10 Questions with Fiona Staples
Fiona Staples has become a comic-book rockstar as the artist and co-creator of the most critically acclaimed comic of the past few years, Saga. Staples was introduced to Saga writer Brian K. Vaughan by their mutual friend, Steve Niles, with whom Staples worked on Mystery Society. Staples is co-owner of Saga, and has designed every facet of the book, including every character, planet and alien race. She also paints the covers for each issue, and hand-letters the narration — and incredible workload for one artist.
After taking a few months off to recharge the creators batteries, Saga is back, and Badmouth caught up with her for a quick interview with the busiest woman in comics.
Badmouth: Saga has wide mainstream appeal. How is the book getting into the hands of people who might never set foot into a local comic book shop?
Fiona Staples: As far as I can tell, it’s a combination of press coverage and word-of-mouth! At cons, most of the people I meet say they’ve loaned Saga out to their friends, had it loaned to them, or both. So Brian and I are extremely grateful to the readers who go out of their way to recommend our book.
BM: How does the collaborative process with Brian work? I know he has given you a lot of flexibility. Have you seen some of the ideas you put into the book through your art come back to you in later scripts?
FS: Yeah! I have no desire to interfere with Brian’s master plan, whatever it is, but if there’s something I want to draw he’ll work it in. When we’re gearing up to start a new arc, he’ll ask what kind of worlds and creatures I want to see. Usually my requests are pretty vague, like “ancient ruins,” or “golems,” or “new clothes.” Sometimes they’re more specific, like making a couple of our new characters mermen. And sometimes we just insert a character that I designed for fun, like the little seal guy.
BM: I’ve read in multiple interviews that part of the concept of Saga was to make a project that did not have immediate appeal to turn into a movie or television show. Why did you and Brian think this was important?
FS: I think Brian gets his fill of the TV/film industry at his day job, and I am just clueless about it. We both love comics and wanted to take advantage of our medium to do things that can’t be done anywhere else.
BM: You got your start reading “bad girl” comics and Heavy Metal magazine. Do those early influences show in your current work?
FS: Maybe, haha. Stuff like Heavy Metal made me realize painted comics were a thing – that comics didn’t have to look a certain way or be a particular style. That was a huge revelation. All the Top Cow comics that I copied in high school are probably still in me somewhere, but thankfully balanced out with thousands of other influences.
BM: Women are often still marginalized in the world of comics, both as creators and consumers. Do you think that is changing?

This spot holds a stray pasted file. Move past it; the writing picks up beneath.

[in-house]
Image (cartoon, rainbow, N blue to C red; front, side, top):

FS: It’s definitely changing, although maybe not as quickly as we’d like. All the corners of the comics world except mainstream superhero books have pretty much agreed that diversity is a positive thing. I think the important thing to do now is create women-friendly books, and that will lead to more female creators in the next generation.
BM: Can you talk a little about your process? If I’ve read correctly, you do most of your work directly on a tablet. What advantages does that give you as an artist?
FS: I start by reading the script and making small thumbnails and notes in the margins. Then I draw slightly larger thumbnail layouts which I send to Brian to look over. I scan the thumbnails in and use them as pencils, doing all of the final art digitally. I ink the characters and foreground elements in Manga Studio and I do the colours and painted backgrounds in Photoshop. I use an iMac and Cintiq.
I’ve been working digitally since 2007, and find it to be way faster than traditional pencilling and inking! It also makes it possible to really integrate the colouring into the art, to be able to easily go back and forth between drawing and colouring.
BM: You use a lot of painterly techniques in Saga, particularly for backgrounds. What does that artistic choice bring to the book?
FS: I think the art style of any comic has a huge impact on the way it’s read. Some artists pack the page with detail so it takes a long time to read and digest it all. Others have a slick, cartoony style so the action really comes to life. I try to create evocative environments in Saga while keeping the focus on the characters- after all, it’s mainly a story about their lives and ideas and relationships.
Doing painted backgrounds gives me a lot of flexibility with them – they can basically be as loose or as polished as I need (or have time for). And there are some things – particularly space scenes and magical effects – that I just can’t render in linework alone.
BM: You’ve gotten to create some fantastic characters so far. Do any stand out to you as favorites from a design standpoint?
FS: Lying Cat is a favourite!
BM: Has the critical and commercial success of Saga opened any doors for you? Do you even have bandwidth for other projects with all you do on Saga?
It’s given me many opportunities and I’ve had to turn them all down, haha. I definitely don’t have time for any other work, except the odd cover.
BM: Saga is an incredibly ambitious project in terms of scope. Is it something you can still see yourself doing in 10 years? 20?
FS: It’s hard to imagine that far ahead… ten years means I’ll have spent my entire thirties doing this one book. Yikes! We’ll see how life goes. Right now I’m content to be working on Saga for the foreseeable future.